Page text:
Hello from Paris everyone!
I will resist here posting pictures of me eating fancy cheeses and drinking wine.
I’m in Paris with my long-time co-author Estelle Sommeiller for a presentation of our preliminary findings on top incomes across U.S. states and counties at the first conference of the World Wealth and Income database (The Economic Policy Institute will release the final version of our paper in the New Year). The database hosted at the Paris School of Economics and is an open source effort by dozens of scholars from around the world to assemble a complete picture of trends in the distribution of wealth and income in every country in the world.
The conference kicked off with the release of the World Inequality Report (the executive summary / the full 300+ page report). One of the important message to emerge from the report is that although income and wealth inequality are rising in much of the world, to borrow a phrase from our colleagues in Ohio, policy matters. You can see that in the two figures below which plot out the share of income held by the top 1% and the bottom 50% in the U.S. and Western Europe. The share of income captured by the top 1% is rising in both places but it is rising much faster in the U.S. because economic policy in the U.S. has been much more favorable to the top 1% with steep cuts in taxes for the top, a falling minimum wage and the declining power of unions.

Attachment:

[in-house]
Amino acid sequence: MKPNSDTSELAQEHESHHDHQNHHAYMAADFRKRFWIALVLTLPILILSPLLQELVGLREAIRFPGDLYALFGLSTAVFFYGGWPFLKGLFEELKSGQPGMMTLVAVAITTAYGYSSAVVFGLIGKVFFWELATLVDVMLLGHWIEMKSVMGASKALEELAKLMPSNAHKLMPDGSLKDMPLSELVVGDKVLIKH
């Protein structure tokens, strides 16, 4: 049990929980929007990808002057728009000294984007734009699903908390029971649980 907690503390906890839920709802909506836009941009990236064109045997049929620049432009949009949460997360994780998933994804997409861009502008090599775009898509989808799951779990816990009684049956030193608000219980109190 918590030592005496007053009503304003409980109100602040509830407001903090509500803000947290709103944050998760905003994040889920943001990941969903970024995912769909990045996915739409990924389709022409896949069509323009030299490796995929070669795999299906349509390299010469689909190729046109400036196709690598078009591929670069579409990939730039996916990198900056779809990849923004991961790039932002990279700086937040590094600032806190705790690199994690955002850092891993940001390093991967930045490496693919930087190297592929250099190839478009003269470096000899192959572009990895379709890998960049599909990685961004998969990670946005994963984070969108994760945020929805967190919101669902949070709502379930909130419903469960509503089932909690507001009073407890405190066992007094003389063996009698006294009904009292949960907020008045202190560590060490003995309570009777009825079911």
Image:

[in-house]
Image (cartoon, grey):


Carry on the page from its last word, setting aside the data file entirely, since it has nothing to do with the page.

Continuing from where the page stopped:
Of course, these are the trends through the last several years there is wide agreement here that the tax plan emerging from Congress will make sure that a large share of the benefits of economic growth in the future continues to flow to the top 1% (see the impact in Pennsylvania). Similarly, a Trump proposal to allow employers to pocket the tips you leave for your server is bound to put more downward pressure on the incomes of bottom 50% of people. Visit the Restaurant Opportunities Center to find out how you can help push back on this effort to legalize wage theft.